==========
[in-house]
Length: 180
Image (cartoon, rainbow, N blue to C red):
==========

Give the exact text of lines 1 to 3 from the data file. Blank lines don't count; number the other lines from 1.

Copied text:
[in-house]
Length: 180
Image (cartoon, rainbow, N blue to C red):